Human trafficking: ‘I lived in fear . . . I was a broken person’

A mother of two from Cameroon taken into prostitution in Ireland

‘That part of my life, I block it out.’ (Picture posed by model.) Photograph: Niall Carson/PA Wire

‘That part of my life, I block it out.’ (Picture posed by model.) Photograph: Niall Carson/PA Wire

 

Laura* arrived in Ireland in 2010. Today, she still struggles to talk about the years before she came and those that came afterwards when she was left with no choice but to work as a prostitute to survive.

The mother of two had already spent five years working in prostitution in Holland before being trafficked to Ireland. In Holland, she had hoped to build a life but her asylum claim was rejected.

“That part of my life, I block it out. I don’t discuss it at all and told no friends or family about what I was doing. I was trafficked for 10 years, it was the worst time of my life.

“I lived in fear and and darkness, not just for myself but for my kids back home. I was a broken person,” said Laura, who now mentors for women who have left prostitution through a programme run by the Immigrant Council of Ireland.

She left Cameroon in the early 2000s after her partner died in a car accident. A trained nurse, Laura says her partner’s brother promised he could get her work in Europe so she could continue to support her children.

However, once she had arrived in Holland, she discovered she was expected to sell her body for money. This she did while she waited for a decision by the Dutch authorities on her asylum application.

I was scared if I tried to leave he would attack my family back home

When it was rejected, her trafficker moved her to Ireland.

“He promised I would not be deported because I was undocumented, so no one would know I was here.”

She met most of her “clients” in the house where she lived, though she was also brought to rural areas to meet men. Worries about her children and mother’s safety in Cameroon stopped her from alerting the authorities.

“I didn’t want to do anything that might annoy the smuggler. I was scared if I tried to leave he would attack my family back home,” she told The Irish Times, saying she was speaking now to encourage others.

Three years later, she met and fell in love with an Irish man. Three years further on, they decided to marry after they were advised that they might be able to marry in Northern Ireland, even though she was undocumented.

However, on the day of the wedding, Laura was arrested. While in detention in Newry, she called her trafficker for advice. When he said he would move her to Switzerland, Laura hung up the phone.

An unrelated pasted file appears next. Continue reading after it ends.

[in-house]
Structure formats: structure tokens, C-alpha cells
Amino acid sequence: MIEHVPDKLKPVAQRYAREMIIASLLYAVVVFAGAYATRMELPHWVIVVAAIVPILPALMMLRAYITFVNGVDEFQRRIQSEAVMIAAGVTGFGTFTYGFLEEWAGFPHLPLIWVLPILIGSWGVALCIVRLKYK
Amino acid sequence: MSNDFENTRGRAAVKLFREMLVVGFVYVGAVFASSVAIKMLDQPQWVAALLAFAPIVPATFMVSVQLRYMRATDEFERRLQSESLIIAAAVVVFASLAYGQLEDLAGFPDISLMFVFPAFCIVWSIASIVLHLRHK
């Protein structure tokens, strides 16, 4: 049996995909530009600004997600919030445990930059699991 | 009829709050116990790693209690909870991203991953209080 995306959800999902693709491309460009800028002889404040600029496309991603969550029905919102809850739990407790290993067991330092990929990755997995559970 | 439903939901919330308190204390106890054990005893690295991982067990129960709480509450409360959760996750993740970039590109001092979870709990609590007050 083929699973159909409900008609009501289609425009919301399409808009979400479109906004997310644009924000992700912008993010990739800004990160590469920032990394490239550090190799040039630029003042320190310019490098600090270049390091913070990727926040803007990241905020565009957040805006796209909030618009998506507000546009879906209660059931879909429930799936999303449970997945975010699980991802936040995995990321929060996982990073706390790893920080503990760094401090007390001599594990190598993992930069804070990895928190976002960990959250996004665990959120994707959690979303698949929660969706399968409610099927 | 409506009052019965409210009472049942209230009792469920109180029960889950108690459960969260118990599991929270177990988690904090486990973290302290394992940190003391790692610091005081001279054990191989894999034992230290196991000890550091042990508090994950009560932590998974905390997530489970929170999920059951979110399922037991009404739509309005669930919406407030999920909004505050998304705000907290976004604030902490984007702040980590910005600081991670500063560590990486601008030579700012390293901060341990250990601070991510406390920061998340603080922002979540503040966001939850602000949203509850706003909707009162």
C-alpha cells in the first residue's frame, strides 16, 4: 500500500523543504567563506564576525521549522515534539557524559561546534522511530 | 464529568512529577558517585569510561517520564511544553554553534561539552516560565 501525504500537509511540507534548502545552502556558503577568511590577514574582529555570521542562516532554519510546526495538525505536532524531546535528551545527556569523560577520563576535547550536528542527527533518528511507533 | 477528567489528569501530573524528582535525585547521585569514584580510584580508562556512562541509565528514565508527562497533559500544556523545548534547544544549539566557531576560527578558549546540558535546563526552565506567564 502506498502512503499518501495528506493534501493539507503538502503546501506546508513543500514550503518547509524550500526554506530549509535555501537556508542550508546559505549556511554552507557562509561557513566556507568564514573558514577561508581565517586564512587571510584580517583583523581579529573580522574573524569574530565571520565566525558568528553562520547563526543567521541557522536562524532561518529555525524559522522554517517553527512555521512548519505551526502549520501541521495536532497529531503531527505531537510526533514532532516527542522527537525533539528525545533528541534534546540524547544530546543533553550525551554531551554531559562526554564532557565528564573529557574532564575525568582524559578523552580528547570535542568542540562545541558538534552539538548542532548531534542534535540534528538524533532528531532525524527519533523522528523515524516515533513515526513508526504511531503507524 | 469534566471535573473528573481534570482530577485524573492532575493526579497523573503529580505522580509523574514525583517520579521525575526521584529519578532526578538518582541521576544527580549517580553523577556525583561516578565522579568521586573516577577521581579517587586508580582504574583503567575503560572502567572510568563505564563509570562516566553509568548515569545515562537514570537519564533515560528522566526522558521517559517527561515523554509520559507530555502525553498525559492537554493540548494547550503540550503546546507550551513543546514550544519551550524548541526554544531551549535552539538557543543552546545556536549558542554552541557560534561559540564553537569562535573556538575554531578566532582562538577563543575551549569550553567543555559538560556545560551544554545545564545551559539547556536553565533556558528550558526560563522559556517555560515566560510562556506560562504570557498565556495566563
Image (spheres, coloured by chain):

She was released after five days. Once back in Dublin, and had reunited with her partner, she went to the Rape Crisis Centre, who referred her onto Ruhama – an NGO working with women affected by prostitution.

Soon, she was brought to the Balseskin direct provision centre in Finglas. When gardaí came to take a statement, Laura was immediately uncomfortable, fearing deportation, though Ruhama reassured her.

I would tell other women to trust the people here who are trying to help them

She spent six months in Balseskin, and never felt safe once, fearing that her trafficker would find her. Later, she was given a temporary residence permit and a flat in Clondalkin.

Back home, her children are now at university, while she has completed a course in nursing at Ballyfermot College and is now studying at Trinity College while working as a healthcare assistant.

“When I was in Holland I was always scared of the police; they don’t have empathy. I see that empathy with the Irish police. I would tell other women to trust the people here who are trying to help them. Even the police.”

Ireland’s system of identifying trafficking victims must be improved, says Dr Nusha Yonkova, gender and anti-trafficking expert with the Immigrant Council. Housing such victims in direct provision centres is “grossly inappropriate” and impedes people’s recovery, she argues, saying they should be taken care of separately.

*Pseudonym used to protect speaker’s identity

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